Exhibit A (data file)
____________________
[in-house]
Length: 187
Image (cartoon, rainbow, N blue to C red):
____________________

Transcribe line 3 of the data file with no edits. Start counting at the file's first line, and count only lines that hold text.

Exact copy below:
Image (cartoon, rainbow, N blue to C red):